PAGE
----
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David Kane, Peter Bex, Steven Dakin; Humans assume isotropic orientation structure when solving the ‘aperture problem’ for motion. Journal of Vision 2010;10(7):832. doi: https://doi.org/10.1167/10.7.832.
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© ARVO (1962-2015); The Authors (2016-present)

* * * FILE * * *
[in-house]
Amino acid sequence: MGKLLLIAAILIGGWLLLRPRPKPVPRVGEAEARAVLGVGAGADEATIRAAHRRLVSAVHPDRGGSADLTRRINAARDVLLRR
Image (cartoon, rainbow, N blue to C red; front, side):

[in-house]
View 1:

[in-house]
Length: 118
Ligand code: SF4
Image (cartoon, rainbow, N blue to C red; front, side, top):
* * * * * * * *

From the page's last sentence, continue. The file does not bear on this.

We examined how global direction judgements with stimuli prone to the “aperture problem” depend on the local orientation structure of the stimulus. Observers adjusted the orientation of a line to match the overall direction of four randomly positioned Gabors whose carrier velocities were consistent with rigid-translation in a single random direction. The four Gabor orientations were either randomly distributed or evenly spaced at 45° intervals. Response variability was ∼20° in the evenly spaced condition and ∼30° in the random orientation condition. The degree of correlation between observers' errors when retested with identical stimuli was greater in the random orientation condition, demonstrating that the increase in variability is almost entirely determined by trial-by-trial differences in the orientation structure of the stimuli. In contrast the majority of the errors (∼80%) in the evenly spaced condition are random. Because two or more different velocities uniquely specify a particular global direction, an ideal-observer that fits a cosine to the local velocity distribution will not produce errors, while adding random noise will produce unpredictable errors (unlike human observers). However when the motion energy model is incorporated as a local motion stage, the representation of each local velocity is no longer discrete and the energy from differently oriented elements may overlap. Predictable errors may then arise from a mismatch between the local motion energy distribution (on a trial-by-trial basis) and a global motion stage that assumes an isotropic orientation structure (i.e. a cosine). The model now generates errors in the random orientation condition that correlate with the observers' errors (R2 ∼0.48). This compares to an R2 of ∼0.56 for the correlation between observers' test-retest errors, demonstrating that the model captures around 85% of the stimulus-driven variability.
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